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Notable Replies

  1. system says:

    In AS 2 you have named but nowwhere you have configured jim....you have configured JACK ....in the second Diagram consisting of 3 routers you have named them James , jim , john....should i assume jim as Jack?....Excellent explanation by the way .....

  2. system says:

    Thanks Master.

  3. Rene,
    Great lesson however, I have questions if we have two ISPs and we would like to route traffic out through ISP-1. It means we need to set up a higher weight on the ISP-1 peering with us and setup a lower weight on the second ISP-2?
    How can we make sure traffic goes out ISP-1 and comes back in using ISP-2?


  4. Hi Hamood,

    That's right, you can use weight to select the path but this is only for the local router. If you want to influence your entire AS then you'll have to use local preference:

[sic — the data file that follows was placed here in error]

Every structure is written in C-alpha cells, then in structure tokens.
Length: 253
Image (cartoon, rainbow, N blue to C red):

To influence how traffic enters our AS we have a couple of methods, the first one is MED:


    This is only useful when you are multihomed to a single ISP. These two methods will help if you are multihomed to different ISPs:



    Hope this helps!


  5. Hi William,

    Weight is the first attribute that is used to determine the best path. Here's a nice way to remember the attributes, something I found on a blog a long time ago:

    “We Love Oranges AS Oranges Mean Pure Refreshment”

    W Weight (Highest)
    L LOCAL_PREF (Highest)
    O Originate (local) routes that are advertise through the "network" command or redistributed from an IGP.
    AS AS_PATH (shortest)
    O ORIGIN Code (IGP > EGP > Incomplete)
    M MED (lowest)
    P Paths (External > Internal)
    R RID (lowest)


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